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Ring of Red OST

[back cover]
Catalog Number: KMCA-72
Released On: October 4, 2000
Composed By: Satoru Nakata, Junichiro Kaneda, Kaoru Yasuda
Arranged By: N/A
Published By: Konami Music Entertainment
Recorded At: Unknown
Format: 1 CD
Tracklist:

01 - The Keisetai River ~ Title Music
02 - Origin ~ Opening Image Music
03 - Gazing Boundary ~ Operations Room Main
04 - Wave ~ Operations Room Sub
05 - Kantou ~ Kantou Map
06 - Northeast ~ Northeast Map
07 - Hakkouda ~ Hakkouda Map
08 - Tsugaru ~ Tsugaru Map
09 - Endure ~ Battle 1
10 - Rough ~ Battle 2
11 - Motion ~ Battle 3
12 - Running ~ Battle 4
13 - Rebellion ~ Battle 5
14 - Barbarians ~ Battle 6
15 - Wheel ~ Battle 7
16 - Dance ~ Battle 8
17 - Inconsistency ~ Battle 9
18 - Yutaka ~ Battle 10
19 - Hand Drum ~ Battle 11
20 - Mixing ~ Battle 12
21 - Progress ~ Battle 13
22 - Decision ~ Battle 14
23 - Daranka ~ Event Conspiracy
24 - Tensoukai ~ Event Emergency
25 - Eirakuen ~ Event Sorrow
26 - Sowanra ~ Event Appearance
27 - Utsusouma ~ Event Reminiscence
28 - Garinna ~ Event Friendship
29 - Rairouu ~ Event Comrade
30 - Battle Chronicle ~ Results Expression Drum
31 - Kinasa Diary ~ Kinasa Diary
32 - Never As a Dream ~ Game Over
33 - Command ~ Minagawa Speech Image Music
34 - Instant ~ Staff Roll Music
35 - Origin: Promotion MIX ~ Promotion MIX
Total Time:
64'09"

"Ring of Red" tells the alternate history of WWII, where Japan is split into a communist North and capitalist South. The game itself takes place in 1964, after Japan goes through much conflict using the new technology of the "Armored Fighter Walker" (oh boy, more giant mechs).

The game was released at the dawn of the PS2 era (in 2000), so the soundtrack reflects new technology in the hands of novice users. The sound quality of these songs are good, but a little unrefined. I originally thought it was a top-of-the-line PS1 soundtrack, but I was mistaken after doing the quick bit of research revealing the game's platform.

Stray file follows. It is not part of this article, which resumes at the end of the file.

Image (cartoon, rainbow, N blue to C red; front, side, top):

The first few songs flow together like a river; not exactly calm, but certainly smooth. These songs felt right, and on my first listen I had hoped that the whole album would continue with these somewhat-minimalist, still-enjoyable tunes. Then, things took a turn for the worse.

In many games, particularly RPGs, the battle themes are the songs that people most enjoy. However, Ring of Red's 14 battle themes are all, pretty much, bland as bland can be. There is zero inspiration behind these songs. I had hoped for some cool music, especially considering the unique titles behind the songs, but I was a fool to hope.

Things get dramatically better in the "events" section of the soundtrack. All of the event themes were relatively impressive, some of them worthy of a live orchestra arrangement (though that will never happen). Tracks 26 and 27 were my favorites, and you can check them out for yourself!

Ignoring the very last track, which was a terrible mix, the "Staff Roll" is a somber, memorable piece that ought to catch one's ears by surprise. Think of it as a slow, military funeral procession.

Among the Konami soundtracks I've reviewed, this one is the "most average" OST yet. I know that doesn't make sense: how is something extremely mediocre? How much more "in the middle" can something get? I don't know, but I think I found it here. It's certainly not bad, but I can't see why anyone would pay to own this soundtrack. Like the game, which had an interesting premise but failed to deliver overall, this soundtrack has an excellent opening and a few other beautiful spots, but then is otherwise a lackluster album.

Reviewed by: Patrick Gann



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